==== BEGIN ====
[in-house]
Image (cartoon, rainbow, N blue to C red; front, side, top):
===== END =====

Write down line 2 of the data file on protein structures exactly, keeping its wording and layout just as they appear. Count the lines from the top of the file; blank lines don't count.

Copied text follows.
Image (cartoon, rainbow, N blue to C red; front, side, top):